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“Red flags” are clues that something is wrong or potentially wrong. They’re the hints that we need to investigate something further, the sign that we should be on alert.

Some parts of San Jose, and Silicon Valley generally, enjoy beautiful older homes with classic styling and beautiful finishing work.  These properties and neighborhoods are prized because they are not cookie cutter, not ranch, not too new.  They may be Victorian, Craftsman, Spanish, or any number of other interesting architectural styles.

One area of Santa Clara County that is well known for both charming historic homes and unfortunately also some structural issues among those older houses is the Willow Glen district of San Jose.

Willow Glen Crumbling Foundation Red FlagsBack in 2015 I showed some clients about a half dozen homes, all in Willow Glen, and we saw a lot of “red flags” which hinted of foundation problems, among others.  I thought I’d share a few pics I snapped at one of them with my old treo camera here.  All of these were taken on the front porch of this house – all visible structural  “red flags” before we ever set foot into the house.
The first image is one taken from the walkway leading up to the Spanish style  house. Please note that there seems to be separation between the wall and the step, from the wall and the foundation and from the step and the walkway.  Also find that some of the stucco is crumbly.  These are all things to be concerned about.

Next is what greets the visitor who makes it to the front porch.  These are not just red alerts – they are more like emergency sirens going off!

Willow Glen Crumbling Foundation further back Willow Glen Crumbling Foundation close up

It goes without saying that this is not a good sign. If it looks like this where it’s plainly visible, what does it look like in the crawl space?

And finally, there were issues looking up as well as down:

Willow Glen Red Flag Foundation Crack at Front DoorwayOnly a structural engineer can have a look, do some tests and make a determination as to what is going on here.  What may be happening, though, is shifting – the home is moving or the ground is moving, or both are moving.

How can this happen?

Earthquakes can, of course, make things move. But so can changing levels of moisture in our clay soils.  In wet years, the ground swells as it becomes engorged.  In dry years, the ground constricts. Clay soil, adobe, is stronger than the concrete that goes into making our foundations.  This is powerful movement, and the house isn’t going to win!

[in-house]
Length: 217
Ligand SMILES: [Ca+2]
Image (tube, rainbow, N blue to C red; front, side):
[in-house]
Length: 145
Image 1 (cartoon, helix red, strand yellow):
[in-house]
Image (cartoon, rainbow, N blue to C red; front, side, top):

In Willow Glen, there used to be a great deal of swampiness in some areas when the valley was first being settled by non-natives. My understanding is that either the water table is high in places or that there are underground aquifers there, and this made homes in Willow Glen more susceptible to the soil issues related to water quantity. As aquifers rise and fall (with El Nino years or drought years), so would the homes above them.

In recent decades, though, the percolation pond system and other systems in place by the water district keep the ground from heaving as much as it did prior to these systems being in place. Unfortunately, due to repeated drought, many of these ponds have remained empty in recent years, so the valley is likely to be experiencing more of that drying, compacting movement.

Older homes may be more vulnerable to construction issues such as cracked foundations, floors out of level, etc.  In the Willow Glen area of San Jose, especially in the older and historic parts, those vulnerabilities are compounded by soil and water challenges. (These challenges are also very true in hillside areas like Almaden, Los Gatos, Monte Sereno, and Saratoga as well as many others.)

When looking in historic Willow Glen especially, watch for red flags.  Watch for separations that should not be there (chimneys separating from the house, walls separating from the floors, etc.).  Watch for floors being out of level, or doors or windows that don’t close.  These are only a very few of the areas about which you should be on the alert.

A good property inspector, preferably a member of ASHI (American Society of Home Inspectors) will find many more “red flags” during an inspection. A Realtor should be on the lookout for red flags too.  As a consumer, you are more empowered if you can learn about these things and spot them on your own too –  being educated is an asset that will help you to protect your investment in Silicon Valley real estate, so keep learning!

 For more on red flags, water damage, and inspections check out the following articles:

Cracked Foundations, Adobe Clay Soils and Water in Silicon Valley

Why are the hardwood floors cupping?

How is that wood siding working out?

Why do real estate agents do a visual inspection of the properties they sell?

Selling Your Silicon Valley Home? Don’t Cut Corners: It Will Cost You!